• Maybe I'm just a dumb programmer, but it seems to me there are two different problems here. One is to formally prove that a program can do what it is intended, the other is to prevent a 'hacker' from access.

    But if for instance the 'hacker' can insert code which also meets the criterion of formal proof, how does the machine 'know' that that code is malicious. A formal proof on the running system will still show that the code passes as 'true', in the sense of meeting the criteria of formal proof of the logic.

    Its trivial to find the 'hack' in other ways, eg a real-time check that the existing code generates a valid checksum, for instance. I dont see quite how formal proof gains anything more than that, in the hacker case.

  • "Error Free" is not the same thing as "Hacker Proof".

    There is no such thing as unhackable. Even the most solid code will develop vulnerabilities in time. Sometimes it is similar to discovering a new dimension.

  • Article fails to convey any real clues as to how program proof is done. Not even a slice of what the augmented code looks like.

  • Adrian Jansen: good point. Part of what needs to be done is to either disallow untrusted users "inserting code" at all, or to securely confine inserted code to harmless operations. In the drone example given in the article, the hackers were deliberately given a level of access they wouldn't actually be given in practice, in order to test the theory that the "partitioning" of systems was secure. And that test worked (at least so far). But specifying what "limited, secure access" means is definitely tricky.

    Austin Hook: the article links to the Coq and Isabelle proof assistants, both of which are very good, and both of which support extracting running code in a few different languages (Scheme, Standard ML, OCaml, and Haskell) from proof developments. Both are very well documented. Isabelle's own documentation is quite good. In Coq's case, I think the better documentation comes from outside the Coq project itself. One such example is <https://www.cis.upenn.edu/~bcpierce/sf/current/index.html>. Another is <http://adam.chlipala.net/cpdt/>.

  • OMG – well written code with extensive testing creates applications that are 'hacker-resistant'. Who would have guessed!

  • Developing formally-verified code in the 21st century is somewhat unpractical in my view. We live in the digital age where code needs to be updated constantly for the sake of being agile and responsive to security breaches. If for example, a developer were to create formally-verified code which takes about twice as long as developing code that is efficient enough to work for it's purpose, how does the developer go about changes? What if they had a security vulnerability? How can they be responsive to a threat when they're spending a large amount of time trying to supposedly mitigate software/hardware failure? Shifting focus to hotfixes is why companies are able to recover from code/hardware failures. Code should never meet the perfectionist.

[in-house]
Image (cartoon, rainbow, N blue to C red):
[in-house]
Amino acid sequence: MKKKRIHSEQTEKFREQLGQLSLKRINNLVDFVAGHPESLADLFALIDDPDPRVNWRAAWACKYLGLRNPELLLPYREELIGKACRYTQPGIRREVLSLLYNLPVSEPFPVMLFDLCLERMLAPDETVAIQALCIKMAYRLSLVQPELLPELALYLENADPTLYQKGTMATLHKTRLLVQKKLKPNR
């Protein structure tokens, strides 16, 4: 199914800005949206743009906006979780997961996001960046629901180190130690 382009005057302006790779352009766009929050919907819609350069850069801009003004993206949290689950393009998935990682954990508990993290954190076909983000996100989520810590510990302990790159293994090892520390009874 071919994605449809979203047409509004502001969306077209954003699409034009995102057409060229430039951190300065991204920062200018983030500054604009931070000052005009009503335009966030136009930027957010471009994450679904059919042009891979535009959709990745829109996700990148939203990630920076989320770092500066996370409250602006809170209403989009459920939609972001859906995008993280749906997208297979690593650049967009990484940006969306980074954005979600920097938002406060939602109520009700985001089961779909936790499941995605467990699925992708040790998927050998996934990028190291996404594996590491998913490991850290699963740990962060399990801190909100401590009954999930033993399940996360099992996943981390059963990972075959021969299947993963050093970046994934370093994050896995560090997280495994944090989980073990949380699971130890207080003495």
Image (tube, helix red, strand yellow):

• This all sounds very good, but misses a fundamental issue. If the tools used to do the checking are compromised, then so are the results. Way, way back when Unix was new, there was a simple proof of concept created to insert a back door into the login program. There were two parts, one inserted the backdoor into the login program if login.c was compiled, and the second inserted the insertion code into the C compiler if it was rebuilt. Once created all the malicious code was removed from the source, but continued to exist in both the executables. No amount of source code checking would reveal the vulnerability, but if you knew the proper login and password, you had access to the system. This was a proof of concept, so it was easy to defeat by changing the file names, but that was not the point. The point was that unless you had created the computer system from the silicon up, could you really trust that nothing was going on you didn't know about?
    While I agree that formal verification for critical systems will go a long way to protect systems from unintentional bugs and serious flaws, I think it's short sighted to think they are hacker proof. Hackers (especially state sponsored ones) are patient and resourceful, and will continue to look for indirect attack routes when direct attacks are stopped.
    This article talks about formal verification of the code, but how do you prove (in the mathematical sense) that
    a: the binary created from the source matches the source.
    b: correctly implements the source.

  • And you STILL haven't eliminated the Garbage In, Garbage Out problem.